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How to fix Red Sox? Start with getting younger, unleashing Bobby


Will Middlebrooks should stay at 3B even after Kevin Youkilis returns, Heyman says. (US Presswire)  
Will Middlebrooks should stay at 3B even after Kevin Youkilis returns, Heyman says. (US Presswire)  

The Boston Red Sox have so many issues it's hard to know where to begin. While they are only a couple games worse than last year at this time, the situation seems much more worrisome.

It goes beyond the fact that Boston, 13-19, is buried at the bottom of baseball's best division, the American League East, 4½ games (heading into Saturday) behind the fourth-place Toronto Blue Jays. There are problems that go deeper than their record, and they need to address them soon, considering the competition.

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Fortunately, there are solutions. But the Red Sox have to be willing to make some bold changes -- to inject even more youth, to spend some more money and even to upset one or two of the old guard.

Here are some ideas:

1. Let Will Middlebrooks keep third base, even after Kevin Youkilis returns

Middlebrooks, their best position prospect, has shown huge power in his short stint and he injects life into the lineup. Youkilis did not look good before going down with a back injury, as new manager Bobby Valentine, perhaps a bit indelicately, suggested. So it's time to make Middlebrooks -- who's hitting .314 with three quick homers -- the third baseman.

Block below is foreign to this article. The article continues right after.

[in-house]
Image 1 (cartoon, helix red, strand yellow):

General manager Ben Cherington has hinted Youkilis won't lose his job to injury. Well, it's more than that. It's repeated injury (he's finished the last two seasons on the DL too), plus also Middlebooks' vast potential.

"Youkilis won't keep his job," one competing GM predicted.

Well, we'll see. Youkilis may be reinvigorated after marrying in his time off. But even he understands there are no guarantees. He told Red Sox writers, "If there's one thing I learned in the game, you can't predict the future." How true that's become with the Red Sox.

2. Bring up Ryan Lavarnway to be the main catcher

Jarrod Saltalamacchia looked like he was finally going to realize his vast potential at times last year, but he is struggling mightily now. He's hitting .221 with just four walks, 22 strikeouts and a .256 on-base percentage. While Lavarnway isn't exactly tearing the cover off the ball at Triple-A Pawtucket (.263), he has better potential.

Valentine is said to love Lavarnway, and the higher-ups do, too. The competing GM said Lavarnway "will be up within a week or two," so it's time to show the love by giving him a chance. Salty hasn't been great defensively, either. Blocking balls remains an issue. He can't be blamed for Aaron Cook's lower-leg gash that landed him on the disabled list, but it did occur after Saltalamacchia let one of Cook's patented sinker's slide past him.

3. Think about promoting Jose Iglesias from Pawtucket

Iglesias is hitting a bit better (.259) and brings a spectacular glove. Mike Aviles has done an adequate job at shortstop, but his range is limited and he still may be better suited for the utility role. Plus, he could help them in the outfield, where a lot of help is needed right now.